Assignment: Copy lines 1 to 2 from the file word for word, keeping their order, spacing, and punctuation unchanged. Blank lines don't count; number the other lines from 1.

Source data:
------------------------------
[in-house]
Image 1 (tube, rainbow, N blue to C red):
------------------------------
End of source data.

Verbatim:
[in-house]
Image 1 (tube, rainbow, N blue to C red):